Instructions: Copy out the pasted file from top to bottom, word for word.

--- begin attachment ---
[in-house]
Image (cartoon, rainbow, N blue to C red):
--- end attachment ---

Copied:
[in-house]
Image (cartoon, rainbow, N blue to C red):